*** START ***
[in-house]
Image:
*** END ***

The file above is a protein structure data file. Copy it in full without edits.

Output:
[in-house]
Image: